UK Business Minister Defends CMA Decision to Block Microsoft’s Activision Deal

British business minister Kemi Badenoch said on Tuesday she disagreed with Microsoft (MSFT.O) President Brad Smith that the Competition and Market Authority’s initial decision to block its purchase of videogame maker Activision was evil for Britain. The government stands by the CMA’s decision, based on a thorough industry analysis, and is necessary to protect competition in the gaming sector.

The ruling made public on Monday, is a setback to Microsoft’s efforts to burnish its image as a responsible corporate citizen in the face of mounting regulation over Big Tech. The company had hired top talent in its global policy team, including John Frank, a veteran of Europe’s antitrust fights, and Casper Klynge, Denmark’s former tech ambassador, to show it takes its responsibilities seriously.

Microsoft had argued that the CMA’s determination that it was unfairly dominant in video game services would thwart innovation and hurt consumers. The company is appealing the decision and will fight to have it overturned.

Its rivals, meanwhile, are pressing regulators to take a harder line in the battle over online games. They argue that Microsoft’s dominance over the market is a clear violation of rules that prevent firms from unfairly leveraging their size and monopoly power to dominate the market.

This is not the first time the UK has dealt with a dispute between Microsoft and its competitors. The company has fought bare-knuckled legal fights with competitors and regulators for years, dating back to its battles over desktop operating systems and web browsers. The tactics it honed in those battles have started to creep up again as the company finds itself on the wrong end of antitrust scrutiny.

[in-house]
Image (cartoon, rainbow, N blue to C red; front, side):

In the case of Activision, the CMA determined that the purchase would give Microsoft a dominant position in online services for video games, which it could then use to stifle competition in its game console market. It also argued that the company’s efforts to promote its cloud-computing platform, Azure, over competing products was unfair.

Despite the setback, Microsoft remains confident that the appeals process will overturn the CMA’s ruling and it will win approval to complete its purchase of the games giant. However, it will have to sell off its streaming rights, which may reduce the value of its bid.

The CMA’s move warned big multinationals that it can be ready to defend competition and its consumers in the same way as European regulators, even in countries with unique regulatory processes. For Microsoft, this was a wake-up call that it must be more careful in its lobbying tactics or risk finding itself on the losing side of future antitrust cases against it and other industry giants. The EU is a different environment than the US, but it shouldn’t be seen as a reason to drop Britain’s sights on a free trade deal with the US. That could be a missed opportunity for the UK’s economy and reputation as a technology hub.

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